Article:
d) depositing said shuttle, intraocular lens (30, 30′) and distal section in a vial (11) containing a solution that comprises a surfactant; and
    e) sealing the vial (11).
  16. 16. A method for ejecting an intraocular lens (30, 30′) from an injector device (10), the method comprising:
    a) providing the injector device (10) having separately packaged proximal section (12) and distal section (14, 14′); wherein the proximal section (12) comprises a plunger (20) slidably received therein; the distal section (14, 14′) comprises a shuttle (16, 16′) disposed therein, the shuttle (16, 16′) has the intraocular lens (30, 30′) prepositioned therein, and the distal section (14, 14′) with the shuttle (16, 16′) and intraocular lens (30, 30′) disposed therein are packaged in a solution comprising a surfactant;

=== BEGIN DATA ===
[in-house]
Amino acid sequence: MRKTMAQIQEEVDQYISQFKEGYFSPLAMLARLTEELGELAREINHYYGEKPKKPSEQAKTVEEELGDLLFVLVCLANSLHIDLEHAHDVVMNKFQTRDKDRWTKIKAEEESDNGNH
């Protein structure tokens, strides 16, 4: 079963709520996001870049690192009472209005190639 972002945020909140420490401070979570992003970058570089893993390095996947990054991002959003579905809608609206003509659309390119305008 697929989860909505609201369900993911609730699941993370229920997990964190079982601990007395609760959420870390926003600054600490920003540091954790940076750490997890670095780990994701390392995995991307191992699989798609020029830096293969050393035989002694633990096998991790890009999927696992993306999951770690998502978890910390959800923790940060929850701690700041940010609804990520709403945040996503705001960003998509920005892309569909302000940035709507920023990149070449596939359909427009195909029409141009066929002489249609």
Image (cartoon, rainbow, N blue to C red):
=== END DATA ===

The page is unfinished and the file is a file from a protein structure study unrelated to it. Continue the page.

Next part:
b) attaching the proximal section (12) to the distal section (14, 14′); and
    c) applying a force to a proximal end (24) of the plunger (20) to advance the plunger (20) toward the distal section (14, 14′) and to push the intraocular lens (30, 30′) therethrough, thereby ejecting the intraocular lens (30, 30′) through an opened distal tip (14 c, 14 c′) of the distal section (14, 14′).
  17. 17. A method of packaging and subsequently preparing an injector device (10) for use, said injector device (10) being adapted to receive an intraocular lens (30, 30′) in a portion thereof, said injector device (10) being reconfigurable from a storage condition to an injection condition, said method comprising: